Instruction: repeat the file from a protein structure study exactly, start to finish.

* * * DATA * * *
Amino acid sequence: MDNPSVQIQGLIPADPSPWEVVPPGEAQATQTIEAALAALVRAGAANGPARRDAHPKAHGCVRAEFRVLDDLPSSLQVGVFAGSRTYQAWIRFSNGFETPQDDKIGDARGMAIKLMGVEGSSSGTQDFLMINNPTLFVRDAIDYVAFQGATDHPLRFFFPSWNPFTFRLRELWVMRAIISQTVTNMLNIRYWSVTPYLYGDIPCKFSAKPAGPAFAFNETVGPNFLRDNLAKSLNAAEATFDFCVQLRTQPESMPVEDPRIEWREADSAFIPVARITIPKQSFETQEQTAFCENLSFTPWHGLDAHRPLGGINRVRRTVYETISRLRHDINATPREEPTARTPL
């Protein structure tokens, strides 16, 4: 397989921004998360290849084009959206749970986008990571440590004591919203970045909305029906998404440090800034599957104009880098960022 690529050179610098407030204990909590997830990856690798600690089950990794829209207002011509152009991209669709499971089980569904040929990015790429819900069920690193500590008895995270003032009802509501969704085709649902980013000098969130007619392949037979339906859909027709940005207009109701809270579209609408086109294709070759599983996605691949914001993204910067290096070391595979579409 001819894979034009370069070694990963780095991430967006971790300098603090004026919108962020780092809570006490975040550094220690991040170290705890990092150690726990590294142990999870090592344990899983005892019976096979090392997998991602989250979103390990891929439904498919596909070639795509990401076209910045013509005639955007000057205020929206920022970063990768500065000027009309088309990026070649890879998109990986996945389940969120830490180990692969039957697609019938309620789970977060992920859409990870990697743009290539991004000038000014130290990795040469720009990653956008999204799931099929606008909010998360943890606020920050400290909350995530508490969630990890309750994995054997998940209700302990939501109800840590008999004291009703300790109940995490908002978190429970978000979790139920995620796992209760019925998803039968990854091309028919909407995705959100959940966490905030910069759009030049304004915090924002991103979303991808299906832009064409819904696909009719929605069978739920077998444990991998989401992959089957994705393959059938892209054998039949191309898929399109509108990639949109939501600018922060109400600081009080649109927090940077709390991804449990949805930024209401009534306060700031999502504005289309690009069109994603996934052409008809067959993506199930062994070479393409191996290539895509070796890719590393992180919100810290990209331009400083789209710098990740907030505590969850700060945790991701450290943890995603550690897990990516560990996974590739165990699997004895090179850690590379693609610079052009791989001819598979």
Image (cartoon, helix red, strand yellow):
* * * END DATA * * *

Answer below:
Amino acid sequence: MDNPSVQIQGLIPADPSPWEVVPPGEAQATQTIEAALAALVRAGAANGPARRDAHPKAHGCVRAEFRVLDDLPSSLQVGVFAGSRTYQAWIRFSNGFETPQDDKIGDARGMAIKLMGVEGSSSGTQDFLMINNPTLFVRDAIDYVAFQGATDHPLRFFFPSWNPFTFRLRELWVMRAIISQTVTNMLNIRYWSVTPYLYGDIPCKFSAKPAGPAFAFNETVGPNFLRDNLAKSLNAAEATFDFCVQLRTQPESMPVEDPRIEWREADSAFIPVARITIPKQSFETQEQTAFCENLSFTPWHGLDAHRPLGGINRVRRTVYETISRLRHDINATPREEPTARTPL
């Protein structure tokens, strides 16, 4: 397989921004998360290849084009959206749970986008990571440590004591919203970045909305029906998404440090800034599957104009880098960022 690529050179610098407030204990909590997830990856690798600690089950990794829209207002011509152009991209669709499971089980569904040929990015790429819900069920690193500590008895995270003032009802509501969704085709649902980013000098969130007619392949037979339906859909027709940005207009109701809270579209609408086109294709070759599983996605691949914001993204910067290096070391595979579409 001819894979034009370069070694990963780095991430967006971790300098603090004026919108962020780092809570006490975040550094220690991040170290705890990092150690726990590294142990999870090592344990899983005892019976096979090392997998991602989250979103390990891929439904498919596909070639795509990401076209910045013509005639955007000057205020929206920022970063990768500065000027009309088309990026070649890879998109990986996945389940969120830490180990692969039957697609019938309620789970977060992920859409990870990697743009290539991004000038000014130290990795040469720009990653956008999204799931099929606008909010998360943890606020920050400290909350995530508490969630990890309750994995054997998940209700302990939501109800840590008999004291009703300790109940995490908002978190429970978000979790139920995620796992209760019925998803039968990854091309028919909407995705959100959940966490905030910069759009030049304004915090924002991103979303991808299906832009064409819904696909009719929605069978739920077998444990991998989401992959089957994705393959059938892209054998039949191309898929399109509108990639949109939501600018922060109400600081009080649109927090940077709390991804449990949805930024209401009534306060700031999502504005289309690009069109994603996934052409008809067959993506199930062994070479393409191996290539895509070796890719590393992180919100810290990209331009400083789209710098990740907030505590969850700060945790991701450290943890995603550690897990990516560990996974590739165990699997004895090179850690590379693609610079052009791989001819598979």
Image (cartoon, helix red, strand yellow):